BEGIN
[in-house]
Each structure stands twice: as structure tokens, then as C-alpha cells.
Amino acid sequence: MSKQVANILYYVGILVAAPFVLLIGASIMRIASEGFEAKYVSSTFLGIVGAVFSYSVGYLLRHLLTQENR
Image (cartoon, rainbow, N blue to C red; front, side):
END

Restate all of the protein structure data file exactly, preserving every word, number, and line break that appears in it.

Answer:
[in-house]
Each structure stands twice: as structure tokens, then as C-alpha cells.
Amino acid sequence: MSKQVANILYYVGILVAAPFVLLIGASIMRIASEGFEAKYVSSTFLGIVGAVFSYSVGYLLRHLLTQENR
Image (cartoon, rainbow, N blue to C red; front, side):